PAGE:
African fat-tailed gecko setup is easier than you may think. Remember that your gecko will require up to twelve hours of light per day. Being nocturnal reptiles, there is no need for a UVB light. Under tank heat mats are the preferred heating choice for these reptiles.
The African fat-tailed gecko is cold-blooded and it relies on its environment to control its body temperature effectively, which is why you need to ensure that there is a warm and cool side to the tank. Placing a thermometer at each side of the tank is essential, which enables you to monitor the warm and cooler side temperatures to ensure your gecko remains comfortable.
These geckos need shelters or hides inside their enclosure. This offers them a secure and comfortable place to hide and sleep. You only need two hides, one on the warm side and one on the cool side. These reptiles do not require a moist hide.
You will want a good quality substrate, which can include Eco Earth, paper towel, newspaper, ceramic towels and reptile carpets. Eco earth has proven to be very effective, natural and help maintain humidity levels with confidence.
African Fat-Tailed Gecko Temperature Requirements
- Daytime temperatures – 72 to 88 ºF
- Basking temperatures – 90ºF
- Nighttime temperatures – 70 to 72ºF
You must create a thermal gradient in the African fat-tailed gecko tank. You can do this by adding a basking lamp to one side of the tank with an under tank heating mat on the other. Focus your heating to one side of the tank to create the perfect thermal gradient.
Please note that your African fat-tailed gecko will not bask the same as a bearded dragon, but having a basking spot can be advantageous in helping to improve belly heat to help with effective digestion.
- Heat Mat
- Basking lamp (optional)
- 2 thermometers, one for each side of the tank to monitor temperatures
- Thermostat to maintain heat mat temperatures
- Hydrometer to measure humidity levels
- 2 hides – a warm hide and a cool hide
- Driftwood to encourage climbing
- Plants – fake or real plants to provide a safe place for your gecko to explore
- Water bowl – sturdy
- Food bowl
African Fat-Tailed Gecko Setup – Step By Step
Before you start your African fat-tailed gecko habitat setup, it’s recommended you tank a damp cloth and wipe out the tank thoroughly. This will ensure there aren’t any dangerous particles that could have been left behind during manufacturing. If your tank came with a background, you can include that now.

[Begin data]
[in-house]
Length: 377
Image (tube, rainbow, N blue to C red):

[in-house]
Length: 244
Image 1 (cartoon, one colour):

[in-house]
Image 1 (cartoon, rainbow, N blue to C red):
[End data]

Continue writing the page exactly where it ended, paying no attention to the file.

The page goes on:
Your first step to setting up your tank is preparing your substrate. If you have selected Eco Earth, then you may have purchased it in brick form, which means it requires some attention before it can be added into the enclosure. Place your Eco Earth brick into a plastic container and add three liters of water. When adding the water, it’s recommended to add Reptisafe to the water to remove any dangerous chemicals. Allow the earth to stand in the water while you start cleaning your decorations, hides and anything else you want to include in the tank. After a while the brick will soak up the water to give you natural earth you can add to your enclosure with confidence.
Once your substrate has been added, you want to start working on your warm and cool side of the tank. Place your heat mat under the tank on the warm side before you add your hide. Ensure you place a hide on each side of the tank, giving your reptile the opportunity to manage their body temperature effectively.
Heat mat setup for glass tanks
Add a few pieces of driftwood. African fat-tailed geckos are not great climbers. Adding driftwood will add extra hiding places while encouraging climbing. Giving your gecko new things to explore.
Your next step is you can add some plants. It’s up to you if you want to add real or fake plants. Plants help you gecko feel secure and encourages them to explore while adding great visual appeal to your enclosure.
The water dish should be placed on the cool side of the tank to help maintain good humidity levels.
How Does The African Fat-Tailed Gecko Setup Differ From A Leopard Gecko?
These two geckos are very similar in their requirements. They both come from hot regions with little water, they both live in rocks and burrows with warm soil and high humidity levels. The difference is that your African fat-tailed gecko requires a higher humidity than your leopard gecko, which is why it’s imperative you use good quality substrate to help keep humidity levels high.